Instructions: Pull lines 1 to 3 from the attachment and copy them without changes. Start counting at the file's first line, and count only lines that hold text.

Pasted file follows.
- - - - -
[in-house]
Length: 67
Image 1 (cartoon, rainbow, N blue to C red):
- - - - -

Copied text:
[in-house]
Length: 67
Image 1 (cartoon, rainbow, N blue to C red):